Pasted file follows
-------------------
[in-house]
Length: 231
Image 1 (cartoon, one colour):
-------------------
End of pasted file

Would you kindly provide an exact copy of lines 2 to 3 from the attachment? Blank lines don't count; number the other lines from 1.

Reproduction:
Length: 231
Image 1 (cartoon, one colour):